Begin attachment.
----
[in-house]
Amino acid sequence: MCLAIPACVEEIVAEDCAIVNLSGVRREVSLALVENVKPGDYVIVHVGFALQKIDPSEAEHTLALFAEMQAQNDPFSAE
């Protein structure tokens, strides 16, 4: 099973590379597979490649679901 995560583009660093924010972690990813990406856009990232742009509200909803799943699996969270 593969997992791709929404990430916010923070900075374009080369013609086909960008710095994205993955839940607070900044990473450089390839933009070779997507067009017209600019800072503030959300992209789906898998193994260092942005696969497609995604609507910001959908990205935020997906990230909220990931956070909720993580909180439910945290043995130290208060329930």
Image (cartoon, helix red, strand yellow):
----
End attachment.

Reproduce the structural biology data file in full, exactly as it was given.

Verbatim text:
[in-house]
Amino acid sequence: MCLAIPACVEEIVAEDCAIVNLSGVRREVSLALVENVKPGDYVIVHVGFALQKIDPSEAEHTLALFAEMQAQNDPFSAE
């Protein structure tokens, strides 16, 4: 099973590379597979490649679901 995560583009660093924010972690990813990406856009990232742009509200909803799943699996969270 593969997992791709929404990430916010923070900075374009080369013609086909960008710095994205993955839940607070900044990473450089390839933009070779997507067009017209600019800072503030959300992209789906898998193994260092942005696969497609995604609507910001959908990205935020997906990230909220990931956070909720993580909180439910945290043995130290208060329930």
Image (cartoon, helix red, strand yellow):